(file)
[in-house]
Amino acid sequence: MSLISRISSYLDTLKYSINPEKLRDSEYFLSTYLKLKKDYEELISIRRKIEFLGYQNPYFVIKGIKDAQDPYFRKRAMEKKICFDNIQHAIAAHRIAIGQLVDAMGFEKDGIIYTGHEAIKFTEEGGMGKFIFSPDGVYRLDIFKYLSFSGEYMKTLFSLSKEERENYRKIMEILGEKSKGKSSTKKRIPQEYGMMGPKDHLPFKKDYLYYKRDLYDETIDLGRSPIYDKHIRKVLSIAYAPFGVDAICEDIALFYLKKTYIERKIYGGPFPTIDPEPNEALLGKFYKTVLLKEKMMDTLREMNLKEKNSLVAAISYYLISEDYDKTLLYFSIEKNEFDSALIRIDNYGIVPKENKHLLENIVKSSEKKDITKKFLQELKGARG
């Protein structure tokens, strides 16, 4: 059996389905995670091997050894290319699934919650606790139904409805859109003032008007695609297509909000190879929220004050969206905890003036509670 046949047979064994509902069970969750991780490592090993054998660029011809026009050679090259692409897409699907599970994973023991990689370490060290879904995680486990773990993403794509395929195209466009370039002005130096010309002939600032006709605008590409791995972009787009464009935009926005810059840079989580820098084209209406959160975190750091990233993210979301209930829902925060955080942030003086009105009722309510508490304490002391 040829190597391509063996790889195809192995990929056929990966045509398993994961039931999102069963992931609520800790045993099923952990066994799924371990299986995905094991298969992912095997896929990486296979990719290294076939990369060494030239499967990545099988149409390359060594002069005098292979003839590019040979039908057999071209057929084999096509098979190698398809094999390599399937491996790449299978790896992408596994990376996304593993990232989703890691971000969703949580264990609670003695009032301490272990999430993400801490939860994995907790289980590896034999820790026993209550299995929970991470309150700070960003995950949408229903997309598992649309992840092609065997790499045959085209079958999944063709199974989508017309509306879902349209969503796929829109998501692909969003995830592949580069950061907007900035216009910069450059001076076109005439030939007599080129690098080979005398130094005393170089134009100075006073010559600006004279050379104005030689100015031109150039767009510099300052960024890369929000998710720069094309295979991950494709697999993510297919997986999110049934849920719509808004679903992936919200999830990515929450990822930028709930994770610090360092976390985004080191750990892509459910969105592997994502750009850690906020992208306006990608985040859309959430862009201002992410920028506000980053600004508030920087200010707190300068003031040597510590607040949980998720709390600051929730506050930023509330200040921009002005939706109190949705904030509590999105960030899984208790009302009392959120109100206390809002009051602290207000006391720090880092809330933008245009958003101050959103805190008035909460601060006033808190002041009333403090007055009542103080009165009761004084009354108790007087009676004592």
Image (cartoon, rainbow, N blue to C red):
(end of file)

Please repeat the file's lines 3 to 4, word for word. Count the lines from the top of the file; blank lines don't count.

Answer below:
């Protein structure tokens, strides 16, 4: 059996389905995670091997050894290319699934919650606790139904409805859109003032008007695609297509909000190879929220004050969206905890003036509670 046949047979064994509902069970969750991780490592090993054998660029011809026009050679090259692409897409699907599970994973023991990689370490060290879904995680486990773990993403794509395929195209466009370039002005130096010309002939600032006709605008590409791995972009787009464009935009926005810059840079989580820098084209209406959160975190750091990233993210979301209930829902925060955080942030003086009105009722309510508490304490002391 040829190597391509063996790889195809192995990929056929990966045509398993994961039931999102069963992931609520800790045993099923952990066994799924371990299986995905094991298969992912095997896929990486296979990719290294076939990369060494030239499967990545099988149409390359060594002069005098292979003839590019040979039908057999071209057929084999096509098979190698398809094999390599399937491996790449299978790896992408596994990376996304593993990232989703890691971000969703949580264990609670003695009032301490272990999430993400801490939860994995907790289980590896034999820790026993209550299995929970991470309150700070960003995950949408229903997309598992649309992840092609065997790499045959085209079958999944063709199974989508017309509306879902349209969503796929829109998501692909969003995830592949580069950061907007900035216009910069450059001076076109005439030939007599080129690098080979005398130094005393170089134009100075006073010559600006004279050379104005030689100015031109150039767009510099300052960024890369929000998710720069094309295979991950494709697999993510297919997986999110049934849920719509808004679903992936919200999830990515929450990822930028709930994770610090360092976390985004080191750990892509459910969105592997994502750009850690906020992208306006990608985040859309959430862009201002992410920028506000980053600004508030920087200010707190300068003031040597510590607040949980998720709390600051929730506050930023509330200040921009002005939706109190949705904030509590999105960030899984208790009302009392959120109100206390809002009051602290207000006391720090880092809330933008245009958003101050959103805190008035909460601060006033808190002041009333403090007055009542103080009165009761004084009354108790007087009676004592």
Image (cartoon, rainbow, N blue to C red):